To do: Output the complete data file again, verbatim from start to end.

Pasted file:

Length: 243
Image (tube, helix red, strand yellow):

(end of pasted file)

Length: 243
Image (tube, helix red, strand yellow):